As files move and file sizes change, the elements (clusters) of a file can eventually become scattered across a disk -- a side effect of the file system known as file fragmentation. Tape drives naturally overcome file fragmentation by gathering the elements of a file and recording them to tape sequentially. When files are simply copied from disk to disk, fragmentation can follow the file, and fragmented files take longer to restore since the disk must work harder to locate each cluster. VTL systems further emulate tape systems by recording files to disk sequentially. This avoids fragmentation, which can improve restoration performance.

Getting VTL to work

Analysts agree that VTL is not a panacea for every situation. VTL systems can be costlier than disk storage arrays, so each storage administrator must weigh the pros and cons to determine how well VTL technology can address weaknesses in their current tape backup process.

The first issue to consider is need. Businesses that are currently meeting their backup window, RPO and RTO with a conventional tape system may simply not see the benefit in VTL. VTL also doesn't make sense for a data center that has already moved away from tape in favor of other disk-based storage technologies. "If you're using a replication approach, or if you're already doing straight disk-to-disk backups, such as snapshots or CDP, VTLs may not be for you," Schulz says.

So where does VTL fit? According to Schulz and other analysts, VTL technology appeals to organizations that need to leverage disk storage for shrinking backup and restoration objectives but aren't yet ready to abandon their current investment in tape backup policies, practices and software. Disk storage overcomes the common tape insertion problems and mechanical errors that can easily interrupt a large tape job, so VTL systems can fit when backup reliability is a high priority. Disk storage also eliminates the use of tapes, so organizations that are sensitive to tape handling and storage issues may find VTL technology beneficial.

It's important to note that while VTL is certainly capable of eliminating tapes, it is almost universally used to supplement tape systems. "The vast majority of users buying VTL are still keeping tape," says Fara Yale, research vice president at Gartner Inc. "You're complementing your entire backup process by putting virtual tape between your primary disk and physical tape." In most cases, a VTL is installed as a "front end" to a tape system. The backup software transfers data to VTL disks, which speeds the process and retains backup data for a prescribed period. Backup contents are then periodically dumped to tape from the VTL without disrupting the production network. That resulting tape can then be taken off site for final archival storage.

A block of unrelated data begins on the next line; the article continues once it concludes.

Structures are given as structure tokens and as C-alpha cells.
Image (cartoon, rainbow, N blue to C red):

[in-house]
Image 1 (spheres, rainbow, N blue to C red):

Most vendors incorporate both hardware and software into their VTL product, though some software-only products can utilize existing hardware already in the storage infrastructure. The choice of hardware vs. software VTL products will depend on the level of integration that makes most sense for the enterprise. "The vendors that provide an integrated hardware/software solution say they have an advantage because they are able to "control" the environment better," says Heidi Biggar, analyst at the Enterprise Strategy Group. "Software-only folks (e.g., FalconStor and Diligent) say they have an advantage because they can integrate with existing or preferred hardware."

VTL Vendors
Advanced Digital Information Corp. (ADIC)
www.adic.com

Copan Systems Inc.
www.copansystems.com

Diligent Technologies Corp.
www.diligent.com

EMC Corp.
www.emc.com

FalconStor Software
www.falconstor.com

Hewlett-Packard
www.hp.com

IBM
www.ibm.com

MaXXan Systems Inc.
www.maxxan.com

Neartek Inc.
www.neartek.com

Overland Storage Inc.
www.overlandstorage.com

Quantum Corp.
www.quantum.com

Spectra Logic Corp.
www.spectralogic.com

Sepaton Inc.
www.sepaton.com

Sun Microsystems (StorageTek)
www.sun.com